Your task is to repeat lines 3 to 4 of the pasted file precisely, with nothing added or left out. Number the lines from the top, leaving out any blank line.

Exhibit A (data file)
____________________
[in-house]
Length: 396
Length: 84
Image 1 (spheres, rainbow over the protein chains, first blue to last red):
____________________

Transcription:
Length: 84
Image 1 (spheres, rainbow over the protein chains, first blue to last red):